Last summer Pascal Siakam earned plenty of hardware to sit atop his mantle.
He deservedly won the Most Improved Player (MIP) award, along with bringing the Larry O’Brien trophy north of the border. It was an ascension so rapid that it has few parallels in the history of the league.
From picking up a basketball for the first time to becoming an NBA champion in under a decade, the Cameroon native’s growth read like something from a fairytale.
2010: Started playing basketball
2016: Drafted in the NBA
2017: D-League Finals MVP
2019: Most Improved Player
2019: NBA Champion
2020: NBA All-Star Starter
— Ballislife.com (@Ballislife) January 24, 2020
Entering the 2019-20 season, Siakam became the focal point of Toronto’s offence, no longer taking opponents by surprise with his jarring speed and teleporting spin-moves.
Despite the extra attention, Siakam’s growth has not flattened out. Instead, he has taken the toughest jump of all… the leap towards superstardom.
Typically Most Improved Player recipients are third- or fourth-year players that ascend into the All-Star conversation, just as Siakam did last season. It makes sense; players that were previously afterthoughts are the new, shiny objects that suddenly become household names.
No player has ever won the award twice, let alone in back-to-back seasons.
However, Siakam should not be docked points to repeat because his talent is established. He should be firmly in the discussion as the first repeat winner.
Siakam is the biggest reason that Toronto remains a viable title contender despite losing Kawhi Leonard. He continues to develop his offensive game, expanding the difficulty and distance of his shots which will become crucial in the playoffs.
Opponents’ game plans now revolve around stopping Siakam. Even after hitting the occasional snag given all of the extra defensive attention, it is nearly always followed up by another dominant display.
On Friday, Siakam endured one of his worst games of the season only to rebound with an impressive 33-point performance in Phoenix.
Opposing coaches have noticed Siakam’s growth.
Denver coach Mike Malone on Siakam: “Has anybody ever won the most improved two years in a row. This guy just continues to amaze.” Malone says you always root for guys like Siakam.
— Ryan Wolstat (@WolstatSun) March 1, 2020
There is no doubt that Siakam should be in the thick of the MIP discussion again, but there is also plenty of competition.
This sophomore triumvirate is the face of the league’s bright future. Trae Young and Luka Doncic have matched Siakam’s feat of earning starting honours in the All-Star game, the latter even forcing himself into the MVP discussion. Shai Gilgeous-Alexander is a cornerstone for Oklahoma City and Canadian basketball for years to come.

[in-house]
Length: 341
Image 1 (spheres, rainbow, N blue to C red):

— NBA (@NBA) February 17, 2020
But can you really award the MIP to players who are just in the second year of their careers?
Granted, the leap that all three of Doncic, Gilgeous-Alexander, and Young have made is astonishing, but it is also an expectation that players will improve with one professional season under their belts. Doncic’s generational talent has put me on the brink of my self-imposed ‘two-year rule’, but it was established that he had superstar potential before he even played a minute in the NBA.
From out of nowhere
Devonte Graham has made a case similar to 2015-16 winner C.J. McCollum, emerging from the end of the bench into a fringe All-Star.
The former second-round pick has taken the reigns as Charlotte’s leader in the wake of Kemba Walker’s departure. The jump in Graham’s scoring and passing numbers is eye-popping and puts him as a dark horse candidate, although his production has slowly tailed off.
Unfortunately, Graham is also doing all of this for a moribund franchise that garners little attention and will not be in the playoffs come April. A leap like this should be appreciated, but the pool is far too crowded with top end talent this year.
The ‘prototype’ frontrunners
The three freshly minted All-Stars fit the typical mould of an MIP winner. Four of the past five recipients of the award were also first-time All-Star inclusions.
Brandon Ingram has been the odds-on favourite for much of the season, putting up a gaudy 24.7 points, 6.3 rebounds, and 4.3 assists per game in his first year with New Orleans since the blockbuster Anthony Davis trade. However, Ingram’s statistical jumps aren’t actually much more impressive than Siakam.
When you factor in Ingram’s lack of impact on a porous Pelicans defence and his team’s inferior record, Siakam’s comparative case strengthens.
— NBA (@NBA) February 16, 2020
Instead, two-way dynamos Jayson Tatum and Bam Adebayo should be Siakam’s biggest threat for the award. Both are defensive stalwarts and linchpins to their team’s success in the Eastern Conference playoff race.
Adebayo is a do-it-all Swiss army knife with an unquantifiable grittiness that translates into wins.
However, if Tatum maintains his month-long superlative offensive stretch for the rest of the season, then another Toronto-Boston rivalry may be brewing. The third-year wing hasn’t been as consistently impressive as Siakam, but has now seemingly turned a corner to an All-NBA level and could bring the MIP trophy to Boston for the first time ever. The Raptors and Celtics are jostling for the crucial second-seed position in the Eastern Conference, and whichever team’s All-Star wing shines brightest will determine the winner of that race.
Numbers and history suggest that Siakam is unlikely to repeat as MIP this season. Voters often get blinded by recency bias with the fun new star, but his continued growth towards superstardom on a title contender should merit some serious discussion.